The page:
The Doom of Reconstruction: The Liberal Republicans in the Civil War Era

The Doom of Reconstruction: The Liberal Republicans in the Civil War Era

The Doom of Reconstruction: The Liberal Republicans in the Civil War Era

The Doom of Reconstruction: The Liberal Republicans in the Civil War Era


In the Election of 1872 the conflict between President U. S. Grant and Horace Greeley has been typically understood as a battle for the soul of the ruling Republican Party. In this innovative study, Andrew Slap argues forcefully that the campaign was more than a narrow struggle between Party elites and a class-based radical reform movement. The election, he demonstrates, had broad consequences: in their opposition to widespread Federal corruption, Greeley Republicans unintentionally doomedReconstruction of any kind, even as they lost the election. Based on close readings of newspapers, party documents, and other primary sources, Slap confronts one of the major questions in American political history: How, and why, did Reconstruction come to an end? His focus on the unintended consequences of Liberal Republican politics is a provocative contribution to this important debate.


The liberal republican movement doomed Reconstruction in 1872.* Given the background of the men who started the movement this is extremely ironic, for in the previous decade many of them had led efforts to reconstruct the South and help African Americans. For example, early in 1862 Massachusetts economist Edward Atkinson became secretary of the New England Freedmen's Aid Society, an organization that assisted recently freed slaves in South Carolina. As the war ended in 1865, journalist William Grosvenor publicly argued that the Union needed a continued military presence in the South because "we cannot justly leave the rights of the freedmen at the mercy of those who so long held them in slavery." Most of the liberal republicans agreed with Grosvenor. Newspapers sympathetic to the movement—The Nation, the Springfield Republican, the New York Evening Post, and the Chicago Tribune—all endorsed the First Military Reconstruction Act in Congress, while Lyman Trumbull drafted the 1866 Civil Rights Bill.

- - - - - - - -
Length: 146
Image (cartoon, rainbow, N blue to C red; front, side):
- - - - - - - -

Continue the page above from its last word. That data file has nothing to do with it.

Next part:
Carl Schurz, senator from Missouri, explained the liberal republicans' longstanding desire to reconstruct the South in a speech about how to create peace after the Civil War. Insisting that it was first necessary to remove the cause of the strife, Schurz proclaimed that the South had caused the conflict because "in the South there existed a peculiar interest and institution—namely, slavery and the aristocratic class government inseparable from involuntary labor, which in its very nature was antagonistic to the fundamental principles upon which our democratic system of government rests." He identified these fundamental principles in classical republican terms; they included public virtue, independent citizenship, and vigilance against tyranny. Such ideological expressions were not unusual for these men. For decades they had believed that the Southern slave system endangered republican government in the United States and had fought against it, helping to start the Free Soil Party in the 1840s and then the Republican Party in the 1850s.

Although they were members of the Republican Party during the Civil War, the liberal republicans only grudgingly compromised their republican ideology

* I use liberal republican in lowercase to indicate the movement and Liberal Republican
in uppercase to indicate the political party that was formed at the Cincinnati Conven
tion on May 1-3,1872.

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